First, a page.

Watercolor on Paper
Sometimes I don’t even know I have a problem. It’s only later when I see things differently that I know I had (or still have) the problem.
You’ll probably be surprised as you read on because I’m not talking about your drawing ability or media or knowledge of color theory or your style or technique.
I paint in a rather confined area. I have a table, an easel, a rolling stack of drawers, a couple of chairs, and my notebook computer, of course. It’s roughly a 10x10 ft. (3.05x3.05 m.) space, for me comfortable and cozy.
My space has a large double window facing west-northwest. A true-north light would be best, but I live with what I have. The window glass also has a tint to block some of the sun’s heat and rays. The best light comes in the afternoon from about 1 p.m. until 6 p.m., give or take, depending on the season of the sun.
In my space I plan, I paint, I re-paint, I finish a painting. Looks pretty good, if I do say so myself.
So what’s the problem?
Well, I go to critique class, which is in a professional artist’s studio. It’s on the second floor in a rather large space--I’m guessing it’s 30x25 ft. (9.14x7.63 m.). There is true-north light coming in from two side-by-side French doors plus a small window in the corner facing south.
In addition, there is a large rectangle of track lighting on the ceiling, along with several pot lights and a four-bulb light fixture on the ceiling fan. In other words, the place is flooded with natural and incandescent light.
As I place my painting on the easel. I am able to stand way back, at least 15 ft.(4.57 m.), and look at my work in dazzling light (compared to my space, anyway).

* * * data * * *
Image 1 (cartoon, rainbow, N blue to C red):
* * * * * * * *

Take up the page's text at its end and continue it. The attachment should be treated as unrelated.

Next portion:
It looks pretty much altogether different than it did earlier in my space.
The values seem to be different and the colors have certainly changed. Not actually “changed,” you know, but they appear so different in this setting. And being able to stand back and see the painting NOT close up really does change the way it looks to the viewer.
Whatever suggestions I receive as critique, I have to filter when I get back to my space. And when I make the changes they again don’t appear the same as in my space at the next critique, and on it goes.
SPACE and LIGHT I am talking about, the basics of our physical and art world. What a difference they can make in how your painting appears.
If you are not able to enlarge your painting space or light-up your studio better, then you must view your “finished” painting in a larger room with brighter lighting or, better yet, take it out of doors and look at it in a different environment before declaring it “finished.”
Not the perfect solution, but better than being surprised when you hang it in a show or gallery.
Until next blog…